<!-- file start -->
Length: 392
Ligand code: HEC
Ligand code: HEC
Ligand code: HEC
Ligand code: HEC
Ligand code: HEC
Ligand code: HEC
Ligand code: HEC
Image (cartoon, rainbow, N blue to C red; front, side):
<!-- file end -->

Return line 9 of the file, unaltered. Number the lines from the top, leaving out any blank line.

Image (cartoon, rainbow, N blue to C red; front, side):